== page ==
Germanium
Title: Germanium
CAS Registry Number: 7440-56-4
Literature References: Ge; at. wt 72.61; at. no. 32; valences 4, 2. Group IVA (14). Five naturally occurring isotopes: 70 (20.55%); 72 (27.37%); 73 (7.67%); 74 (36.74%); 76 (7.67%); artificial, radioactive isotopes: 65-69; 71; 75; 77; 78. Extent of occurrence in the earth's crust about 0.0007%. Predicted and called ekasilicon by Mendeléeff. Discovered in 1886 by Clemens Winkler: J. Prakt. Chem. 34, 177 (1886). Obtained industrially from the flue dusts of smelters processing zinc-bearing ores: Jaffee et al., Trans. Electrochem. Soc. 89, 277 (1946). Purification by zone refining: Pfann, J. Met. 4, 747 (1952). Physical properties: Hassion et al., J. Phys. Chem. 59, 1076 (1955). Inhalation toxicity studies: J. H. E. Arts et al., Food Chem. Toxicol. 28, 571 (1990). Review and description of modern isolation techniques: Pirest in L. P. Hunter, Handbook of Semiconductor Electronics (McGraw-Hill, New York, 1956), section 6. Comprehensive monograph: V. I. Davydov, Germanium (Gordon & Breach, New York, 1966) 417 pp. Reviews: Rochow in Comprehensive Inorganic Chemistry vol. 2, J. C. Bailar, Jr. et al., Eds. (Pergamon Press, Oxford, 1973) pp 1-41; J. H. Adams in Kirk-Othmer Encyclopedia of Chemical Technology vol. 11 (Wiley-Interscience, New York, 3rd ed., 1980) pp 791-802.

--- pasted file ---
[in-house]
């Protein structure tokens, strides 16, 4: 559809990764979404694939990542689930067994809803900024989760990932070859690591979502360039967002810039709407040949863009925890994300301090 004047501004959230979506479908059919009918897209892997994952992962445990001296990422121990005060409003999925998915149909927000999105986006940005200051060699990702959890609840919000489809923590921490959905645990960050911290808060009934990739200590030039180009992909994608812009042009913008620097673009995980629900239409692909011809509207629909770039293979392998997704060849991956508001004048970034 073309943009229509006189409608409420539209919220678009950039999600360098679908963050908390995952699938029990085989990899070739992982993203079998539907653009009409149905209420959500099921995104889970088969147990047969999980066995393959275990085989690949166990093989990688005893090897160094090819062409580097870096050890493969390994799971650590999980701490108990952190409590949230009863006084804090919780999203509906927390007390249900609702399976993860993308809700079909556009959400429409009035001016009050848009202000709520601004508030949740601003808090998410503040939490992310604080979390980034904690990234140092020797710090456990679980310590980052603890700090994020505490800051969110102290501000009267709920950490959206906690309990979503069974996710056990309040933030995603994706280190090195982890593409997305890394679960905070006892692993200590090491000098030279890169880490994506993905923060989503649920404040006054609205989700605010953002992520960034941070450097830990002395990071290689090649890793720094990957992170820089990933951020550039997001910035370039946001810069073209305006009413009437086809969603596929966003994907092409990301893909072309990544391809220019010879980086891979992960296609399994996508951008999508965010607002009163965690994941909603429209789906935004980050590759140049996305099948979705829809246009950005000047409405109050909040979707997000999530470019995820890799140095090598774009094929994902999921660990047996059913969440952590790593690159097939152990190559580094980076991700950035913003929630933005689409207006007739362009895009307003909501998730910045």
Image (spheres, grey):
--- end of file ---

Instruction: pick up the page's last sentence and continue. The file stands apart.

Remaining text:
Properties: Grayish-white, lustrous, brittle metalloid. Diamond-cubic structure when cryst. Poor conductor of electricity. d425 5.323. Reported melting points range from 925-975°; best value 937.2° (Hassion). Vol smaller by a few % when molten. bp 2700°. Thermal expansion coefficient (at ~25°): 6.1 ´ 10-6/°C. Thermal conductivity (at 25°): 0.14 cal/sec cm/°C. Specific heat (0-100°): 0.074 cal/g/°C. Lattice constant at 25°: 5.657 ´ 10-8 cm. Atoms/cc = 4.42 ´ 1022. Volume compressibility: 1.3 ´ 10-12 cm2/dyn. Dielectric constant: 16. Covalent bond ionization energy at 0 K = 1.2 ev. Band gap: 0.67 ev. Impurity atom ionization energy: ~0.01 ev. Intrinsic resistivity at 300 K = 47 ohm-cm. Electron mobility at 300 K = 3900 cm2/v sec. Hole mobility at 300 K = 1900 cm/v sec. Magnetic (mass) susceptibility (c ´ 106) = -0.12. Intrinsic charge density at 300 K = 2.4 ´ 1013. Electron diffusion constant at 300 K = 100. Hole diffusion constant at 300 K = 49. Insol in water, hydrochloric acid, dil alkali hydroxides. Attacked by aqua regia, concd nitric or sulfuric acids, fused alkalies, alkali peroxides, nitrates, or carbonates. Relatively stable, unaffected by air, becomes oxidized above 600°; is slowly oxidized by hydrogen peroxide at room temp, fairly rapidly at 90°; is attacked by hydrogen above 1000°. When finely divided, burns in chlorine or bromine.
Melting point: melting points range from 925-975°; best value 937.2° (Hassion)
Boiling point: bp 2700°
Density: d425 5.323
Use: In electronics: Manuf rectifying devices (germanium diodes), transistors, in red-fluorescing phosphors; in dental alloys; in the production of glass capable of transmitting infrared radiation. Review of uses: Aldington, Cumming, Endeavour 14, 200-204 (1955); New Uses for Germanium, F. I. Metz, Ed. (Midwest Research Institute, 1974) 120 pp.
Therap-Cat-Vet: Astringent (intestinal).

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